Keeping up with P2P
Back in the day, (all of 2 years ago), I found good stuff on Napster. The concerns over copyright weren’t significant in regard to my interests, as I was mostly looking for obscure tracks (B-sides, concert bootlegs, etc.) from obscure bands (NoMeansNo, Ed’s Redeeming Qualities, Steroid Maximus, etc.) – not the kind of stuff that’s going to hurt anybody’s record sales. (Rather than fighting new technology like most of the music industry, insound.com has embraced it, and they’re making a bundle, but that’s another topic…).
There were two reasons Napster had such a huge library: 1. it was the only significant online P2P system around at the time, and 2. it got a huge amount of free publicity from the news media. Now we have a number of different P2P networks and a variety of client software packages to choose from. Venturing into this world, I stumbled around for a while before figuring out the best approach. There are a lot of client software options: Morpheus, Limewire, BearShare, Xolox, Phex, neoNapster, Shareaza, and more. There are also different networks you can connect to: Gnutella1, Gnutella2, the eDonkey network, bitTorrent, and probably more.
I started out with Morpheus but it was a huge resource hog. It also came with spyware. I then tried LimeWire, which was much nicer to my PC and did not contain spyware. But my searches would not persist. What I mean is this: I’d enter a search, and it would chug away for 10-15 minutes, and then it would essentially forget about. My search would continue to display, but if I didn’t get any results right away, then I would never get any at all. I’d have to keep re-running the search to keep up with changes on the network. I’ve now settled on using Shareaza, which runs nicely, has no spyware, connects to all the major networks, and diligently runs my searches continuously.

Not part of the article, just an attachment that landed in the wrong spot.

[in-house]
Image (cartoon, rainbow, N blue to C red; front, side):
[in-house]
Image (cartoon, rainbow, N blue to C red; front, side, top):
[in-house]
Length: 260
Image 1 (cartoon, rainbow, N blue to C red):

The eDonkey network is better at finding what you’re looking for and has sophisticated handling for large files, which means a lot of the action, especially for movies, has moved there. The downside is that the queues on eDonkey can be mighty long (I often get a queue position over 1,000) so you have to be willing to leave your PC on continuously (and hope your network connection doesn’t go down, which will force you out of your queue position if you can’t get back online quickly). Out of curiosity I downloaded a couple of movies. I found the quality to be poor: really major compression artifacts were always a problem, and some of the movies were just recorded by someone in a theater with a camera, so you sometimes get people walking in front of the camera, ambient noise, etc. But given the ever-increasing bandwidth capacity of networks, and the ever-improving compression technologies, I imagine Hollywood is soon going to fully join up with the music industry in its war against filesharing.